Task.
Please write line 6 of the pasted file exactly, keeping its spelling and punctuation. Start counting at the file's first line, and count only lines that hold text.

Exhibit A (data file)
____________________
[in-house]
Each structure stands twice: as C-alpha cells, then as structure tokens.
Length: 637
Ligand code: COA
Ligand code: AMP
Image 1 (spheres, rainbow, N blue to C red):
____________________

Image 1 (spheres, rainbow, N blue to C red):